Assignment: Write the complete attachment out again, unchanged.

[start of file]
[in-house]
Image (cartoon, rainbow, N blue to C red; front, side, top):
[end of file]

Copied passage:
[in-house]
Image (cartoon, rainbow, N blue to C red; front, side, top):